Catholics have a responsibility not only to defy and decry state laws that tolerate or enshrine these things, but also to take steps to instruct and deter homosexuals from falling into such tragedy. It is ultimately for their own good.

  14. Suburbanbanshee says:

    Let’s say the UK government is trying to say that having sex in public restaurants with fruit, or chonking fellow restaurant patrons on the head with whole watermelons, injuring or killing them, is exactly the same as eating fruit.

    Then let’s say that the pagan fruit-worshipping Temple of the Fruitbat is willing to stand up and say that the right to eat fruit doesn’t include having sex in public restaurants with fruit or attacking people with it, and that it’s not really what fruit is for.

    As a Catholic and as a worshipper of Truth Himself, it would only be right that I applaud the Temple of the Fruitbat’s grasp of natural law in this instance, and that I regard them as an ally in this particular fight. That doesn’t mean I have to bow down to the Top Banana, or say prayers to the Lord of the Core, or anything of that nature. I can still deplore their habit of dedicating their girl children as perpetual apple polishers.

  15. HyacinthClare says:

    Suburbanbanshee, I am defeated… and convulsed with laughter!!

  16. anilwang says:

    If you ignore the fact the fact that Catholics, Muslims, and Indigenous Religions all believe that there is no separation between the secular and personal, so we can find ourselves often on the same side against the radical secular agenda, there is another factor.

    Yes, Christianity has suffered tremendously being a dhimmitude (2nd class citizen) under the Muslims as the current “Arab Spring” has enforced.

    However, radical secularists are not our friends either. Stalin, Hitler, and modern China we’re exactly friends of Christianity either. Of the two, the later, IMO, is worse. Not only are Christians 2nd class citizens, but radical secularists have no shame about telling Christians what they believe and how they run their Churches. Even extreme Muslims don’t do that. So in Nazi Germany, Jesus was a non-Divine Arian that was killed by the Jews. In the USSR, Christianity was just one of several equally false religions that were taught in school as precursors to the “truth of Marxism”. In China, the government must be in charge of the Church and any mention of Humanae Vitae or Church lead opposition to any non-government approved activity is dismissed as external interference against “China’s religion”. In the current US administration, the president is telling bishops what they can and can’t believe (though he doesn’t yet have the law on his side).

    So under the Muslims, the Church is corroded on the outside, but saints are forged. Under radical secularists, the Church is corroded on the inside, and bit by bit turn the Church into a cultural institution and tourist attractions through a series of compromises.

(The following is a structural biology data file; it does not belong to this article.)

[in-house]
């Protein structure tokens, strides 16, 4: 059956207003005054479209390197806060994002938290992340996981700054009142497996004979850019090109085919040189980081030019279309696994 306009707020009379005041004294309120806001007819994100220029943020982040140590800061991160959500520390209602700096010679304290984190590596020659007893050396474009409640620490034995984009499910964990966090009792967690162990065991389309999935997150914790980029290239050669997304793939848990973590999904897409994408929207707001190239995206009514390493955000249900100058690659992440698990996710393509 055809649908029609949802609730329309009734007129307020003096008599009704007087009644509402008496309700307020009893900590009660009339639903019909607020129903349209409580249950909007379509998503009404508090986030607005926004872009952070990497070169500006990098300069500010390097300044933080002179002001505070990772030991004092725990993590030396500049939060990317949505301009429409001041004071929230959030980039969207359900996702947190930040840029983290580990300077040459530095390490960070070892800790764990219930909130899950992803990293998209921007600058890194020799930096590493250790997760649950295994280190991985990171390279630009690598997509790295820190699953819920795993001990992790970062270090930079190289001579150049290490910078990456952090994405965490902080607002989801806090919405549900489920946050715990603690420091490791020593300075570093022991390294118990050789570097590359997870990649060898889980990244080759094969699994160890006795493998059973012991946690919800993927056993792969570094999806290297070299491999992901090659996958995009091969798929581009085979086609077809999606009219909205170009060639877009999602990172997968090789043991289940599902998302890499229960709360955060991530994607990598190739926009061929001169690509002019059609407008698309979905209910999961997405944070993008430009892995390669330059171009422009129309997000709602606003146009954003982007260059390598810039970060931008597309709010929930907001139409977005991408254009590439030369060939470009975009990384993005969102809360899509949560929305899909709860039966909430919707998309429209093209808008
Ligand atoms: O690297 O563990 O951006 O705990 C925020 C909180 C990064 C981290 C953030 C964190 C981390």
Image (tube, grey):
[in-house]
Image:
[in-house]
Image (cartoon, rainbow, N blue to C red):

We should desire neither, but of the two, the later is the greater threat.

  17. MikeToo says:

    As Catholic we can stand with anyone who, as far as they do, stand for natural law.

    In this instance, I would suggest we take a close look at what he said – “a union between a man and a woman.”. Notice he did not say a union between ONE man and ONE woman.

  18. Christina says:

    Quite honestly, I don’t see an issue here. There’s a line in the sand: “gay marriage” supporters on one side, their opponents on the other. If Muslims and Catholics happen to be on the same side, what of that? Surely we can say “I agree with those on this side of this specific line.” It doesn’t mean we’re in cahoots or anything, and if it looks that way to some people, well, what of it? To deny we agree on this is a lie, no?

    I sat next to a Muslim way back in my high school American Government class, and I have to say that I was glad of the seating situation whenever the issue of homosexuality came up. She told me she opposed homosexuality on religious grounds and I said I did, too. Perhaps we’re all much more mature now, but at the time it was very encouraging to know that I had someone else’s support when everyone else would dismiss our position as homophobic.

  19. NoraLee9 says:

    I have a feeling that if we don’t all hang together on this one, we will hang separately … My first thought was that these two gentlemen would make fabulous Catholics….

  20. ContraMundum says:

    It could go either way, depending on circumstances I do not know.

    Certainly we can forge temporary alliances with those of other religions for limited and specific purposes. If these people are truly helpful in defending marriage, this would be a good example. However:

    (a) This should not be something that becomes permanent and takes on a life of its own, like NATO, which still clings to life after the Soviet Union is long gone. Peter Kreeft’s idea of an “ecumenical jihad” is disastrously bad.

    (b) It’s also possible that “with friends like these, who needs enemies?” The KKK probably does not favor “gay marriage”, but it would be a remarkably bad idea for Catholics to form even temporary alliances with them. It would do nothing to reverse the momentum of the gay agenda; it would only further erode any chance of the Church being taken seriously.

  21. catholicmidwest says:

    a) Practically speaking, Catholics can yell all they want and that’s good. BUT remember, it’s standing up for what’s right among the people you know that counts. Very uncomfortable, and some would say polarizing according to the prevailing model of holiness, although not older models. And absolutely necessary.